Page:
Superman’s iron grip on the world tightens as Taylor delivers yet another 5 star read with Year 2. No superhero is above corruption or falling prey to the darkness. Moral codes are tested and it’s interesting to see which heroes crumble under the weight and which ones take a stand.

    4. Injustice: Gods Amongs Us Year 3 by Tom Taylor ● rated 5 Stars
    The war between Batman and Superman grows ever more dire with each installation but Batman (being Batman) always has a backup plan to his backup plan. Meet John Constantine, The World’s Greatest Detective, Swam Thing and more… as magic runs rife in year 3. Will it be enough to stop Superman’s tirade?

    Are you surprised that the majority of these titles haven’t changed since last month?
    Ha ha ha… *cries gently in a corner*

    I managed to read Connections in Death at the start of this month which has given me some space to sneakily slide in Misery by Stephen King, gifted to me by my boyfriend. What a sweet and pure angel. It’s going to be my mission to at least from 2 out of 3 of the other books on my tbr list. I’ve got this!

    1. Enchantee by Gita Trelease (ARC)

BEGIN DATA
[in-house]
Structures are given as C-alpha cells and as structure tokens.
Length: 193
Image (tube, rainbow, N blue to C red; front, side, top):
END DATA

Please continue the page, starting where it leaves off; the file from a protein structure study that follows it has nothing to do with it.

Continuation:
2. Misery by Stephen King
    3. The Glass Woman by Caroline Lea (ARC)
    4. The Orphanage of Gods by Helena Coggan (ARC)

    How was your bookish February?

    Read any of the books above or a choosing to this March? Got a book you think I’ll be interested in? Let me know in the comments below. I’d love to hear your thoughts.

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    Monthly Wrap-Up: January 2019 Edition

    Reading books takes so looooooooooooong. And by long I mean, I decided to start the year with a 700+ page beast and finish the month by starting The Priory of the Orange Tree which is an even bigger beast at almost 900 page. I’m drowning in words and I’m not even sorry about it!
     
    And now… presenting the very small collection of books and short stories that I got to read this month (if you haven’t read Salem’s Lot yet and consider yourself a vampire fan then what are you doing with your life? Read it right now!).

    1. In The Tall Grass by Stephen King ● rated 4 stars
    2. The Picture in the House by H.P. Lovecraft ● rated 3 stars